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Here's what you'll find when you hit America's newest mega-mall

Welcome to the American Dream mall

When the "American Dream" shopping mall and entertainment complex was first conceived more than two decades ago, the internet was in its infancy and Amazon.com was still a gleam in Jeff Bezos's eye. Yet while times have clearly changed, the facility's operators — which opened its doors on Friday in East Rutherford, New Jersey  — think consumers haven't completely given up on the idea of hitting the mall. 

The mall is the second-largest in the U.S. and cost an estimated $5 billion to build. It is launching at a time when thousands of brick-and-mortar retailers are closing shop. It will showcase 3 million square feet of leasable space dedicated to more than a dozen entertainment attractions, including a 16-story indoor ski slope, rollercoaster, water park and eventually 450 retail, food and specialty shops. Here's what consumers can expect to find.

American Dream Opening
Visitors to the American Dream shopping complex in East Rutherford, N.J., use the Nickelodeon Universe theme park on Oct. 25, 2019.  Richard Drew / AP

In today's retail landscape, consumers are glued to their iPhones and smartphones, where they can do their shopping without ever leaving their couch. Amazon has morphed into the biggest online retailer in the world. And overall traffic at malls, which had been on the rise in the late 1990s, has declined 10% since, according to Coresight Research.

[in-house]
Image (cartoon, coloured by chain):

A report from Credit Suisse published two years ago predicted that up to a quarter of the shopping malls will close by 2022 given the increasing popularity of online shopping and a rash of store closings. Since 2015, only nine malls have been built, a dramatic fall from their peak construction in 1973 of 43, according to CoStar Group, a real estate research firm.

Stores across the U.S. are closing at a rapid pace. More than 7,000 retail outlets closed in the first half of 2019, versus 3,017 stores opening. In 2018, 5,864 stores closed and 3,258 opened.

The mall will also prove to be a challenge for those who don't want to pay for parking, as it will charge $24 to park for eight hours, reports CBS New York. For those who don't want to pay for parking, express buses will run from New York City and Secaucus, while shuttle buses will run from Weehawken's ferry station, CBS New York added.

Goal: 40 million visitors

Amid that new reality, American Dream is looking to draw 40 million visitors in its first year, with entertainment accounting for more than half of its space. Attractions include a live bunny field and an aviary. There will also be such amenities as a doggy day care and a luxury wing, where shoppers can sip champagne and sample caviar as they wait to have their designer handbags wrapped. Two hotels with a total of 3,500 rooms are being planned next to the complex.

"You can make it your backyard playground if you live in Manhattan or even if you're in New Jersey," said Ken Downing, chief creative officer for Triple Five Group, the mall's developer. "It's a staycation. So, it's a little bit of competing with mindset and emotion, far more than a property or even Disneyland."